Tijuana, once considered a seedy border town, has emerged in the last two decades as one of the world’s most important hubs for the production of medical equipment. Its growth in advanced manufacturing has helped make Mexico the biggest exporter of medical devices to the United States.

The city’s manufacturers said it would be difficult to heed Gon­zález Cruz’s call.

“The great majority of what we produce is made for export,” said Carlos Higuera, the president of Tijuana’s economic development corporation. “With federal government regulation in Mexico, and the way these companies are structured, it’s not easy to turn around and start producing for local consumption.”

As U.S. demand for face masks, ventilators and other materials increased over the last month, recruiters in northwestern Mexico began holding job fairs in small towns. But police considered those fairs a public health risk and shut them down.

The balance between meeting U.S. need and protecting employees has been a challenge in some parts of the country, where unions and local politicians have protested the call for factory work in the midst of the outbreak. “If we want to avoid a massive spread of coronavirus, it is necessary that the worker stay at home with his family,” said the mayor of Matamoros, Mario López Hernández.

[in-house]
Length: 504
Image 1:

But the calls keep coming. Haemotronic, an Italian company with a factory in Reynosa, Mexico, received a request this week for 1.5 million IV tubing extensions specifically crafted for the treatment of the coronavirus, allowing nurses to keep more distance from infectious patients.

The company says it has implemented measures, including providing private transportation, to protect its workers. “I don’t think finding people will be a problem unless the virus surges in Mexico,” said Ettore Ravizza, manager of the Reynosa plant. “The covid situation just highlighted how strategic or essential we are for the well-being of our fellow humans.”

As the world races to increase production of ventilators, many parts of those, too, will come from Mexico. Supply chains for ventilators straddle the border, with ­components pieced together in both countries.

Integer of Plano, Tex., operates factories in Tijuana and Ciudad Juárez, where it produces batteries for ventilators that are completed in the United States. Hillrom, based in Batesville, Ind., makes some ventilator components in its Tijuana factory and plans to begin producing the Life2000 noninvasive ventilator there in the coming months.

“It’s very likely the first things that a patient needs or comes into contact with, will have been produced in Mexico,” said Howard Karesh, a Hillrom spokesperson.

Among the company’s 1,300 employees in the country, Karesh said, coronavirus cases were “extremely limited.”